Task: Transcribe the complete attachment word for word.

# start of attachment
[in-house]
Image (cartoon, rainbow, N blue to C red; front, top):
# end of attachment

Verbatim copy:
[in-house]
Image (cartoon, rainbow, N blue to C red; front, top):